By NewsGram Staff Writer
New Delhi: The Delhi government advisory has asked city hospitals to postpone non-emergency procedures, including surgeries, to admit and treat dengue patients on priority. The order was issued to both government and private hospitals, telling them that no dengue patient should be turned away because of lack of beds.
More than 830 dengue cases have been reported this year, 778 of which happened in August alone. Over 6,000 dengue cases were treated in 2010, and the number reported this year has been highest after in the past five years.
“We have told hospitals not to turn away dengue patients even if it means rescheduling all non-emergency procedures, including surgeries,” said Dr. Charan Singh, in-charge of the vector-borne control programme in the Delhi government. “No health institute, government or private, should refuse dengue patients,” he added.
The government has also asked hospitals to stock their blood banks adequately, and private blood banks have been told to provide platelets at nominal rates. To provide dengue patients with better treatment, government hospitals have also opened dengue and fever words.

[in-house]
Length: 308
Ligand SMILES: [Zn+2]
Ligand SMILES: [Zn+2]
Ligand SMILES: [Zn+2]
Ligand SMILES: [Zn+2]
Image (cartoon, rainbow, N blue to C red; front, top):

“During this time, our medicine wards only admit fever and dengue patients. Still, the beds are not enough. We are forced to admit two-three patients per bed, but even that is not sufficient. We have put up temporary beds on stretchers and mattresses to accommodate patients,” said a senior doctor at Safdarjung Hospital. Doctors said most patients were put on saline drips and their platelet count was monitored. “Treatment is based on symptoms. But we have to admit patients who show signs of their platelet count dropping or those with very high fever and other complications. Patients can visit private hospitals daily and get their platelet count checked, but given the socio-economic profile of our patients, that is not possible,” said the doctor.
However, doctors in private hospitals have a different take saying that, considering the symptoms are mild in comparison to previous years, so the patient need not be admitted.